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Impact of population density on collision rates in a rapidly developing rural, exurban area of Los Angeles County
  1. Kelly Fischer1,
  2. Isabelle Sternfeld1,
  3. Douglas Sloan Melnick2
  1. 1Los Angeles County Department of Public Health, Injury & Violence Prevention Program, Los Angeles, California, USA
  2. 2Los Angeles County Department of Public Health, Service Planning Areas 1& 2, Area Health Office, North Hollywood, California, USA
  1. Correspondence to Isabelle Sternfeld, Los Angeles County Department of Public Health, Injury & Violence Prevention Program, 3530 Wilshire Blvd., 8th Floor, Los Angeles, CA 90010, USA; isternfeld{at}


Objectives To determine if the commonly acknowledged relationships between population density and traffic collisions are found at the subcounty level and to describe how collision characteristics may vary substantially at a local level, with a particular emphasis on exurban areas.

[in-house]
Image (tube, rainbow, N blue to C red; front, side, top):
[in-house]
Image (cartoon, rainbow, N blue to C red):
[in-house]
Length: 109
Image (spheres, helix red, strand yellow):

Design Los Angeles County collision data were obtained from the California Highway Patrol and the census tract and service planning area (SPA) for each collision were determined. The correlation between population density and collision rates by census tract was calculated within each SPA and for the entire county. Primary collision factors were compared for geographic areas of different population densities within one exurban SPA in Los Angeles County.

Results An inverse relationship was found between collision rates and population density within Los Angeles County. Primary collisions factors were different in areas of the county with different population densities, with driving or biking under the influence particularly common in the most rural area.

Conclusions Subcounty analyses are very important to the study of traffic collisions. Traffic problems in rapidly developing exurban areas may be quite different from those in older, more established areas.

  • Motor vehicle occupant rural mortality surveillance
  • mechanism
  • violence
  • fall
  • firearm
  • populations/contexts
  • ecological study
  • methodology
  • geographical/spatial analysis

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  • Competing interests None.

  • Provenance and peer review Not commissioned; externally peer reviewed.

  • Data sharing statement This article is based on a secondary analysis of data. Additional unpublished data from this study are unavailable.